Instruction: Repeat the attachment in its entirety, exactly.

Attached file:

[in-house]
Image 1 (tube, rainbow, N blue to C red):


[in-house]
Image 1 (tube, rainbow, N blue to C red):